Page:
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OUR OPINION: Next for the Alerus: Pay back Grand Forks's loan

It was music to Grand Forks residents' ears, and a tune that local taxpayers had been waiting a long time to hear:

"The Alerus Center in Grand Forks has experienced a sharp spike in revenue growth the past two years, leading the center to upgrade facilities and consider expansion, according to officials there," Herald staff writer Charly Haley reported last week.

Let's relax and enjoy just a few more bars from that song:

"It's by far the highest retained earnings the Alerus Center has seen since it opened. ... The trend is upward ... (and) last year was the second consecutive year the events center had positive retained earnings."

OK, so it'll never break the Top 40 on the radio. But in Grand Forks, it's a melody that'll always sound darn good.

Congratulations to the Alerus Center's management and to city leaders and staff, whose decisions over the past few years have brought about these very welcome results.

Now, about that loan:

"The Alerus Center still owes about $1 million to the city, which shores up the center's budget in years when the center loses money," according to the story.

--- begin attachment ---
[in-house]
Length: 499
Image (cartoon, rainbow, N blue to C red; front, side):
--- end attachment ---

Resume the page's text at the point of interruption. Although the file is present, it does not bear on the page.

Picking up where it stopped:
Which raises this question: Should the facility use its newfound surplus to pay back the loan, or should the money go to buying land for an expansion some time down the road?

Here's the strategy most residents probably would like to see:

Make repaying the loan the priority. The timeline for that repayment is less urgent; maybe a repayment schedule can be agreed to that also lets the Alerus Center buy the land that it wants.

But a loan is a loan, not a grant by another name. And right now, Grand Forks -- which has supported the Alerus Center through many money-losing years -- would appreciate the payback and the statement that it makes about the center fully honoring its debts.

Here are two more reasons for making sure the money gets repaid:

First, it would set the right precedent, not only for the Alerus Center but also for other city-owned and/or -supported ventures. Grand Forks city leaders don't have to be ruthless about money, but they also shouldn't make a habit of letting creditors take advantage of them.

Second, it would free up the money for the city to use somewhere else. And as the Alerus Center's own success shows, support from the city can make and has made a positive difference for institutions.

As mentioned before in this space, the Alerus Center's purpose is not to make a profit. The Alerus Center's purpose is to give Grand Forks a venue that draws visitors, entertainment, attention and dollars into town.

That said, positive "retained earnings" are a bonus and a very reassuring sign. It's great to see smart managers make the center hum and fully exploit the power of its draw.